Crain's New York
Comptroller John Liu continued his recent attacks on the EDC, calling the study a “million-dollar sham” that “fails to ensure the delivery of an objective product.” And nine council members wrote to EDC President Seth Pinsky, expressing “concerns about the manner and spirit in which this study is conducted.”
At the root of both complaints is the fact that the very administration commissioning the study has repeatedly argued that living and prevailing wage provisions would hinder development and kill jobs, creating the perception that the outcome is already determined.
“It is critical that this study is conducted in a transparent, independent manner, and equally critical that it not appear that the study's conclusions are predetermined,” council members Brad Lander, Annabel Palma, Oliver Koppell, Melissa Mark-Viverito, Jumaane Williams, Deborah Rose, Margaret Chin, Gale Brewer and Letitia James wrote to Mr. Pinsky.
Under the EDC proposal, an advisory committee made up of labor unions, business and real estate groups and think tanks would make recommendations to shape the terms of the study. Both Mr. Liu and the council members are instead calling for an academic advisory group made up of economists to review the study's scope, methodology and results.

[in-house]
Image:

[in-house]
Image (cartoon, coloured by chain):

“We're undertaking the most comprehensive study on the effect of living wage that has ever been undertaken anywhere in the country and we have a balanced group of external stakeholders in place that will have an opportunity to shape and contribute to it,” said an EDC spokesman. “Our methodology will be public, and if individuals disagree with the results they will, of course, have an opportunity to voice their concerns.”
Labor groups have derided the study as a delay tactic at a time when wage mandates are gaining momentum in political circles. And business groups counter that living wage proponents are just worried a rigorous study will prove living wages are not feasible.
A fierce wage debate derailed the redevelopment of the Kingsbridge Armory in the Bronx late last year, prompting the city to move forward with the study. It comes as the council considers a bill that would force projects that receive any subsidies from the city to pay wages of at least $10 an hour plus benefits for all jobs they create. The city has opposed a separate bill that would give prevailing wages to building service workers at projects that receive city subsidies, but the measure has strong council support.
The IDA board approved the funding of the study by a vote of 8 to 3. The EDC has received responses to a request for proposals and is expected to select a consultant this month. The results of the study are expected to be released by early 2011.